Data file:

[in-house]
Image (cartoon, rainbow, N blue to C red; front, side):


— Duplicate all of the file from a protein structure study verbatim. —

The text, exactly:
[in-house]
Image (cartoon, rainbow, N blue to C red; front, side):